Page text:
On Nov. 11, five major studios—Universal, Paramount, Sony, Warner Bros., and MGM—unveil Movielink, a joint venture that, for the first time, allows customers to download a large assortment of studio films. Movielink's initial library contains about 175 movies—new and old, from Jimmy Neutron to Last Tango in Paris.Theyrange in price from $1.99 to $4.99 for a 24-hour rental. It's a cool service, attractively priced. It's also going to be a flop on the order of The Adventures of Pluto Nash.
Fortunately for the movie studios, they probably don't care that they've greenlighted HudsonHawk.com. In fact, they almost certainly know that Movielink won't make them any money. The site, and the tens of millions of dollars that have been spent on it, are pure PR: The studios have seen how music executives have been vilified as greedy Luddites, and they want to avoid that fate. Movielink's primary purpose, as some people involved in the project admit, is to demonstrate that the studios are providing a legal alternative for Internet movie pirates.
The press clippings had better be glowing, because as a business, Movielink provides a product for which there is almost no demand. For one thing, the service faces competition from the first technology to make films digital: DVDs. Movielink hopes people will download films to watch on their laptops during plane flights, but it's tough to see what Movielink offers that the local Blockbuster or DVD rental kiosks at airports don't.
Movielink is actually the second major attempt to build an Internet video-on-demand business for feature films. The first, a little-noticed independent venture called Intertainer, flamed out a few weeks ago after burning through almost all of its $125 million in venture capital and attracting just 147,000 customers. Granted, Movielink does a few things right that Intertainer did wrong. For one, it's owned by Hollywood. Intertainer had to license its films from the studios, and now it's suing them for alleged anti-competitive behavior designed to bury it and promote Movielink. In addition, there are small differences in the business plans: Intertainer streamed its movies, allowing viewers to watch herky-jerky films instantaneously, while Movielink requires higher-quality downloads that take about an hour. Intertainer charged a $7.99 per month subscription before users could rent films. Movielink doesn't require a subscription.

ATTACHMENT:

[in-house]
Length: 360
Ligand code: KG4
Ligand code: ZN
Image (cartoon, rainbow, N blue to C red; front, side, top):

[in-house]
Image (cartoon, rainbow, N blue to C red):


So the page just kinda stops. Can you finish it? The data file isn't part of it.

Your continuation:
But in the short run, those changes won't make a difference. The real hope for Internet movie distribution is in the home of the future, where TV set-top boxes will be connected to the Internet, or where files stored on a computer will be wirelessly relayed to the television. But easy-to-use and affordable technology to make that happen is still years away. And besides, many people can already get video-on-demand (in the form of pay-per-view) on their TV screens from their cable or satellite providers.
There is one company that's been able to make money by offering feature films online: MovieFlix, which offers public-domain and independent movies that cost virtually nothing to acquire. With two employees and flicks such as Femalien and Bruce Lee in New Guinea (not to mention some soft-core adult content), MovieFlix makes a comfortable profit, with 6,300 subscribers paying $5.95 per month. The lesson is one movie studios won't want to hear: For the foreseeable future, small scale and niche content are the secrets to succeeding at Internet video-on-demand. That's bad news for Movielink. But, hey, advertisements aren't supposed to turn a profit.